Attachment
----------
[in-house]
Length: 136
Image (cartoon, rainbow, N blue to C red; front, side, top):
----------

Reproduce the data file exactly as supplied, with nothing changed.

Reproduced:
[in-house]
Length: 136
Image (cartoon, rainbow, N blue to C red; front, side, top):